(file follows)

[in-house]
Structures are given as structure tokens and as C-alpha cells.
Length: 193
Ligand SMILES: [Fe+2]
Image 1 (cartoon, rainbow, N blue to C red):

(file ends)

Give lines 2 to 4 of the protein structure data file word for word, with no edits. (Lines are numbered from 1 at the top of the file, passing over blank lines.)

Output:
Structures are given as structure tokens and as C-alpha cells.
Length: 193
Ligand SMILES: [Fe+2]